Some random thoughts on Robin DiAngelo’s White Fragility

Having recently finished reading Robin DiAngelo’s White Fragility, I thought it might be helpful to offer a few thoughts on it. I don’t intend to give a full review here. If you want to read a more substantial review, then I would recommend Coleman Hughes or John McWhorter. What I want to do here is specifically highlight certain points in the book that I personally found to be worthy of comment. Each point begins with a quotation from the book (emphasis added in bold), followed by my own reflections.

  • “We [Americans] have yet to achieve our founding principle, but any gains we have made thus far have come through identity politics.” (xiii)
    It is worth observing that DiAngelo explicitly embraces identity politics. The identity groups that she considers relevant are those socially constructed according to a hierarchy of oppressor/marginalized. This is a basic tenet of Critical Race Theory. (I don’t want to get distracted by debates over whether DiAngelo herself is doing CRT; it’s enough simply to note its direct influence on her work.) On this view, to be white is to fall on the oppressive side of the hierarchy (regardless of one’s own personal awareness, beliefs, or intentions), while people of color fall on the marginalized side. Contrast this with the four primary biblical categories of marginalization—the orphan, the widow, the sojourner, and the poor (Zech. 7:9-10). Such people become marginalized due to personal life circumstances, rather than due to innate identity group membership. In Scripture, you can fall into and rise out of marginalization; in identity politics, you are indelibly stamped as either oppressor or marginalized (and sometimes both simultaneously, depending on your intersecting categories of race, gender, and sexual orientation).
  • “I have a white frame of reference and a white worldview.” (7)
    There has been a lot of debate among evangelicals recently over whether CRT should be considered a “worldview” or merely an “analytical tool.” For her part, DiAngelo certainly believes there are worldviews, and she uses the term repeatedly in her book. But she sees worldviews as divided along the lines of race: there is a white worldview, a black worldview, etc. In her usage of the term, worldview has less to do with one’s basic beliefs about the world than with one’s experience of the world. Granting (for the sake of argument) this definition of worldview, I do wonder whether race is the most relevant criterion for delineating worldviews. Who are more likely to share similar experiences of the world: a rich suburban black person and a rich suburban white person, or a rich suburban white person and an impoverished rural white person? Geography and class seem at least as relevant (and probably much more so) than race. Further, she treats her own project as if it stands above all racialized worldviews, like the supposedly neutral vantage point of the person who can see the proverbial blind men feeling the elephant. This amounts to what you might call a “meta-worldview”—one that she basically assumes rather than argues for.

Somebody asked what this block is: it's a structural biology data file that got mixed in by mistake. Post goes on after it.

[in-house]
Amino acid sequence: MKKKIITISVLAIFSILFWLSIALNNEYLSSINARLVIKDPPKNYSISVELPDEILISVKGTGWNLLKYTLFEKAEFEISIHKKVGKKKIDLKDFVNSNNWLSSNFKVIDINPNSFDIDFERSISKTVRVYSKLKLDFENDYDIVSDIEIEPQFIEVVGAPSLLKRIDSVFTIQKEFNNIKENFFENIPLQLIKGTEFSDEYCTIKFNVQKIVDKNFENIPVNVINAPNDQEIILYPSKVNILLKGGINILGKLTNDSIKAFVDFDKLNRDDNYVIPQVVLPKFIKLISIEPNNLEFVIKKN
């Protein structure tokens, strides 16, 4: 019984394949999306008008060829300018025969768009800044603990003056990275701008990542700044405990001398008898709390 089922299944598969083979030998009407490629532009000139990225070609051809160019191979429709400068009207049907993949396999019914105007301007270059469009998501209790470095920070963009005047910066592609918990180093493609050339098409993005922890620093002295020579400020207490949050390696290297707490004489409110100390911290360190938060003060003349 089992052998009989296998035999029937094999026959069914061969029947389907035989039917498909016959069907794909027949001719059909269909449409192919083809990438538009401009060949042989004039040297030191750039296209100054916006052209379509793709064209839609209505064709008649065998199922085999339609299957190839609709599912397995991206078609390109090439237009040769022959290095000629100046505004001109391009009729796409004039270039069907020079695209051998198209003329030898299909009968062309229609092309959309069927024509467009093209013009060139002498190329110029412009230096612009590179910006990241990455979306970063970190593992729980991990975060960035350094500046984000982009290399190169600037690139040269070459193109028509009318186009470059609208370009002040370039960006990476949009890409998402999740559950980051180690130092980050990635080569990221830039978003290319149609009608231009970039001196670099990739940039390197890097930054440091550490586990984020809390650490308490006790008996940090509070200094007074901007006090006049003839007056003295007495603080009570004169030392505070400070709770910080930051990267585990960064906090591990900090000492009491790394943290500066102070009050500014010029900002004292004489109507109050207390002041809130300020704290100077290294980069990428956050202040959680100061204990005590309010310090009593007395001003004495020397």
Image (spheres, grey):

• “When I say that only whites can be racist, I mean that in the United States, only whites have the collective social and institutional power and privilege over people of color. People of color do not have this power and privilege over white people.” (22)
    The idea that only whites can be racist goes back to the 1970s, when the (white) sociologist Patricia Bidol-Padva defined racism as “prejudice plus power.” This has also been the definition adopted by many leading evangelical antiracists today, such as Jemar Tisby (The Color of Compromise, p. 16). However, the popular antiracist author Ibram X. Kendi rejects this definition of racism, considering it to be a “powerless defense” that denies the capacity of blacks to exercise power for themselves (How to Be an Antiracist, p. 140). I have to agree with Kendi on this. To deny that people of color can be racist is to deprive them of agency and to excuse (at least on a practical level) anti-white attitudes and actions. This is not the path toward genuine racial progress. Further, accepting the revisionist definition of racism as “prejudice plus power” would lead to some pretty absurd conclusions. For example, does the fact that white South Africans no longer hold a monopoly on institutional power mean that the Boer ethno-separatist movement can’t be called racist?